At a high level, then, there are two sets of functions that are important in wireless middleware platforms:
one to deal with the 'complexity in the network', which arises from the need to

    • deliver applications and services over multiple devices and networks

  • another to deal with 'complexity in the information', which arises from the need to deliver usage environments that allow users to interact with and manipulate information in sophisticated ways.

Components of wireless middleware
By dealing with complexity, and smoothing out the differences between multiple machines, systems, networks and protocols, middleware products ease the job of the software developers who have to extend existing information and application assets out to mobile workers and consumers over cellular networks.

Indeed, the true value of any middleware solution should be judged by the degree to which it makes the job of software developers easier. Wireless middleware products are no exception.

There are seven main areas of wireless middleware functionality, all of which hide certain complexities from the developers who are responsible for delivering wireless applications and services:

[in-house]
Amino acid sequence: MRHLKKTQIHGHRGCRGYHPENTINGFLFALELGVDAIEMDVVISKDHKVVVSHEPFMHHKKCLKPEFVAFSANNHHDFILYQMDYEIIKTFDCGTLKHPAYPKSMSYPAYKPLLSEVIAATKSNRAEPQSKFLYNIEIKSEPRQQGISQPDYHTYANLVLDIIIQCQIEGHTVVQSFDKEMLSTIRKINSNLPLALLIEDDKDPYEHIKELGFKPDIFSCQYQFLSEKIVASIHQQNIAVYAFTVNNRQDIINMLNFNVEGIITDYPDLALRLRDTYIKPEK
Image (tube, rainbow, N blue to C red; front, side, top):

Wireless middleware is important, but the market is immature
You need to consider the role that wireless middleware can play in helping you implement your e-business strategy - but your ability to procure the best-fit solution relies on you understanding the overall problem space, and convincing suppliers to show you how they fit into it.

The wireless middleware market in 2001 is immature, but growing fast. Despite the overall industry conditions, new players (both start-ups and established) are entering this market all the time, and there seems to be enough room for any player with an ability to differentiate itself. Unfortunately, few of these companies are making it clear how what they do helps address real requirements.

The market is set to change over the next year. By mid-2002, the enterprise middleware players such as IBM, Oracle, BEA, Microsoft and Sun/iPlanet will make serious and concerted moves into this market. Until now, they have not made serious investments - despite some of their marketing claims to the contrary. We also expect that one or more leading network infrastructure vendors (such as Motorola, Nokia, Ericsson or Cisco) will also change the colour of the market by 'moving up the stack' and delivering higher-level middleware services.